Ragnar Granit was a Finnish-Swedish scientist who was felicitated with the highly-esteemed Nobel Prize in Physiology or Medicine in 1967 for his discovery concerning the primary physiological and chemical visual processes in the eye. He was a co-recipient of the award and shared it with HaldanKeffer Hartline and George Wald. Interestingly, a highly learned and accomplished scientist and physiologist, medicine wasn’t Granit’s first preference. As a young boy, Granit instead wanted to pursue a career in psychology. However, a chat with his uncle led him to study medicine which eventually became his preferred profession. Granit attained his bachelor degree and later doctorate degree in medicinefollowing which he started his career at the Oxford. It was at his alma mater (University of Helsinki) that Granit made some of the most significant scientific revelations and discoveries that transformed the science behind the visual world. In his career spanning two decades, Granit held important academic positions. He was the honorary member of various professional societies and academies. He retired from Karolinska Institute as Professor Emeritus in July, 1967. A patriotic Finn but a devoted Swedish as well, he quoted that his Nobel Prize belongs ‘fifty-fifty’ to both Sweden and Finland.
Childhood & Early Life
Ragnar Arthur Granit was born on October 30, 1900 in the parish of Helsinge, Finland to Arthur Wilhelm Granit and Albertina Helena Malmberg. He was the eldest son of the couple and had two younger sisters, Greta and Ingrid Granit. His father was a forestry officer.
When he was very young, the Granit family moved to the neighboring Helsingfors, where his father opened a firm that dealt with sylviculture and forest produce.
Young Granit was first educated at the high school, Swedish Normallyceum. Completing his preliminary education, he enrolled at the Helsingfors University from where he matriculated in 1919. Meanwhile in 1918, while still at school, Granit took part in Finland’s War of Liberation. He was decorated with the Cross of Freedom IV.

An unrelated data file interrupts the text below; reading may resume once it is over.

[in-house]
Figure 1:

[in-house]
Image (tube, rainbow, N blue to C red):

Post matriculation, Granit considered a career in law studies and for the same, even took up a summer course at Abo Akademi University in philosophy and Finnish legal language. The course had a deep orientation for psychology, a subject that interested and captivated Granit.
Propelled by the love for psychology, Granit resolved to make a career in the same. However, a stroll with uncle, Lars Ringborn changed Granit’s mind. The latter advised Granit that reading psychology alone would be of no use if he didn’t have knowledge about biology. The conversation deeply impacted Granit who zeroed on studying medicine.
In 1924, he graduated with a Bachelor of Medicine degree from the University of Helsinki. He even obtained a Bachelor of Philosophy degree in theoretical and practical philosophy, aesthetics and chemistry. Three years later, he obtained a doctorate in medicine. He wrote his thesis on the theory of color recognition.